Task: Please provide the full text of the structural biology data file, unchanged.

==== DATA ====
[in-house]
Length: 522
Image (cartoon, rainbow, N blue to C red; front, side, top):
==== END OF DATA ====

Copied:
[in-house]
Length: 522
Image (cartoon, rainbow, N blue to C red; front, side, top):